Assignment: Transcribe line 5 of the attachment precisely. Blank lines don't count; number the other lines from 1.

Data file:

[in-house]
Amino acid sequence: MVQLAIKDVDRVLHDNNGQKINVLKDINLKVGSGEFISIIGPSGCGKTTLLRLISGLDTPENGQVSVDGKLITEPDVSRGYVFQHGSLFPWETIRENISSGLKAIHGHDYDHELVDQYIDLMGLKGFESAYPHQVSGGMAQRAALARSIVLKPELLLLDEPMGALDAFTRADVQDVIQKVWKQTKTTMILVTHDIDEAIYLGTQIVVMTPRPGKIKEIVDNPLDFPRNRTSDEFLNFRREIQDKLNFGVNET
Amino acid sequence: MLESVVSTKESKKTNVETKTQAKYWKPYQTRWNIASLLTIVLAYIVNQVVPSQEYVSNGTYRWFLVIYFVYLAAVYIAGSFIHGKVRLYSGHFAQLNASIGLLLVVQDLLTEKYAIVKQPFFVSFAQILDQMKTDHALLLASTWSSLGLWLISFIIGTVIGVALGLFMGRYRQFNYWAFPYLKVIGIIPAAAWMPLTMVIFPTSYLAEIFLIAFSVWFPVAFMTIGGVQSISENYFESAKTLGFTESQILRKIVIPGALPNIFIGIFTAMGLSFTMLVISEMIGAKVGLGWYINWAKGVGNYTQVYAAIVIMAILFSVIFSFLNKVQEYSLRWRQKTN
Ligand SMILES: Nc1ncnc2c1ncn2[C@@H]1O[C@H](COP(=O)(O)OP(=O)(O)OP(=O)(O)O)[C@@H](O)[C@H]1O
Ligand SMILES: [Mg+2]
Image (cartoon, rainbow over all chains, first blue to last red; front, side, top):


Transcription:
Ligand SMILES: [Mg+2]